Stanford study: Media multitaskers pay mental price
Stanford University just published the findings of a study that showed that Media multitaskers pay [a] mental price. It appears to be a considerable price actually, as those who find it hard to focus on a small number of channels or switch off entirely while working in one area, end up being “suckers for irrelevancy”. But does it affect all multitaskers equally? A sample of 100 students is not representative, nevertheless, it would be interesting to know what makes some people multitask to such high degree. How do they become attracted to distraction in the first place? On the other hand, equally interesting is to see that low multitaskers are actually doing really well – so is it all a question of getting the balance right between stimulation and overload?
People who are regularly bombarded with several streams of electronic information do not pay attention, control their memory or switch from one job to another as well as those who prefer to complete one task at a time, a group of Stanford researchers has found.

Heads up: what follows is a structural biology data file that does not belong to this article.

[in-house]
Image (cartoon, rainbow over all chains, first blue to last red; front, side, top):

High-tech jugglers are everywhere – keeping up several e-mail and instant message conversations at once, text messaging while watching television and jumping from one website to another while plowing through homework assignments.
But after putting about 100 students through a series of three tests, the researchers realized those heavy media multitaskers are paying a big mental price.
“They’re suckers for irrelevancy,” said communication Professor Clifford Nass, one of the researchers whose findings are published in the Aug. 24 edition of the Proceedings of the National Academy of Sciences. “Everything distracts them.”
Social scientists have long assumed that it’s impossible to process more than one string of information at a time. The brain just can’t do it. But many researchers have guessed that people who appear to multitask must have superb control over what they think about and what they pay attention to.
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